Early and Premature Menopause
When we hear the word menopause, we usually think of older women above the age of 60. Very rarely do we ever think of ourselves. However, menopause is not a stage necessarily relegated to elderly women. Early or premature menopause is more common than most women realize - it affects about 1% of women between the ages of 15 and 45. Early or premature menopause can occur for a variety of reasons, but in the end it leaves an imprint on the lives of all of the women it affects.
What are Early and Premature Menopause? Early onset menopause is often confused with premature menopause, but actually the two are different things. These terms hinge on the age of the woman involved; if menopause occurs before the age of 45, it is considered early menopause; if menopause occurs before the age of 40 it is considered premature menopause.
Because doctors are finally beginning to recognize the symptoms of menopause in younger women, more and more women are being diagnosed with early or premature menopause. As a result, women who are experiencing infertility or are dealing with menopause symptoms at a young age no longer have to wonder why.
What Causes Early and Premature Menopause
More often than not, doctors are unable to determine a cause for menopause in younger women. This can be very frustrating for women as it makes it difficult to accept and deal with this new stage of life. Sometimes though, there are very obvious causes of premature or early menopause.
Premature Ovarian Failure (POV): Premature ovarian failure is another name for naturally-occurring premature menopause. Women with POV have ovaries that aren't functioning properly. Either they stop producing eggs or no longer produce the hormones needed to ovulate. POV can occur for a variety of reasons. Autoimmune disorders are responsible for more than 65% of POV cases. With these disorders, the body sees itself as an invader and develops antibodies to its own products, including ovum and menses. Genetic factors may also be involved in POV. Five per cent of women seem to follow in their mothers' footsteps, entering into menopause early. Some women are born with irregularities in their X chromosomes, interfering with egg production before menopause should begin. Other women are just born with very few eggs, causing menopause to occur years before it should.
Surgical menopause involves the conscious decision of forcing women into menopause for specific health reasons. Women who suffer from endometriosis, polyps, or ovarian cancer may have to undergo an oopherectomy (removal of the ovaries) or a hysterectomy (removal of the uterus, fallopian tubes, and sometimes ovaries). These surgeries dramatically cut off ovarian function causing estrogen levels to drop suddenly and forcing the woman into menopause.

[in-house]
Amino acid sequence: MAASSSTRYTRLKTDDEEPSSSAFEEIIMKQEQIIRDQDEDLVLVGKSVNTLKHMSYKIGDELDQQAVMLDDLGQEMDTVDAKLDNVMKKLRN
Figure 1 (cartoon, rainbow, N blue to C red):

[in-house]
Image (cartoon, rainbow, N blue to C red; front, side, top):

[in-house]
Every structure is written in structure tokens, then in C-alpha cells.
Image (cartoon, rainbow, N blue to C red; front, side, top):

Menopause Caused by Cancer Treatment
Menopause can be caused by chemotherapy or radiation cancer treatments. Chemotherapy and radiation kill cancer cells but, unfortunately, they also kills healthy cells. Hair cells, digestive cells, and ovarian cells are particularly at risk. Some women who have undergone cancer treatment temporarily enter menopause, while others permanently enter menopause.
Infection is also linked with premature menopause. Infections such as the mumps and tuberculosis can infect the ovaries, affecting your hormonal balance. This is extremely rare, however.
Early Menopause Symptoms
Premature menopause symptoms are essentially the same as those of natural menopause. Women commonly suffer from night sweats, hot flashes, insomnia, headaches, and joint or muscle pain. Body shape changes are also common, causing you to put on weight around the abdomen. Additionally, water retention and menopause commonly go together.
Menopausal women can experience emotional ups and downs, including anxiety, depression, cravings, and forgetfulness. All of these symptoms are triggered by the fluctuation of hormones in the body during menopause. In particular, estrogen levels reduce dramatically during the onset of menopause, causing a variety of changes in the body's functions.
Early and premature menopause tends to be associated with more severe symptoms than menopause occurring after the age of 45. Because early menopause is often due to illness, surgery, or genetic issues, there is a rapid decline in the amount of estrogen (known as "estrogen crash") in your body. This causes you to enter menopause more quickly than other women. Estrogen crash can cause extreme hot flashes, fatigue, mood swings, and depression in some women. In a survey of early menopausal women, 100% of women who experienced surgical menopause experienced a number of menopause symptoms in quick succession. 90% of these women complained that their symptoms were severe and lasted more than 8 years.
Unfortunately, there are no menopause cures. Menopause treatment has progressed by leaps and bounds over the years, though. It is suggested that most women who have undergone early or premature menopause seek out hormone replacement therapy (HRT). Menopause symptoms will be very sudden and severe, especially after surgery, and can be lessoned by taking appropriate doses of estrogen. If oral medication is too difficult to take directly after surgery, estrogen patches that release hormones through the skin can be used to help lessen symptoms.
A good support network is also recommended to help you through the difficult times. You may be unprepared for such an immediate entry into menopause and friends, family, and other menopausal women can really help you see the light at the end of the tunnel. Living life after menopause isn't so bad in fact, it can be a very rewarding time when you have the right support.
For more information about the age of menopause, check out our menopause forum.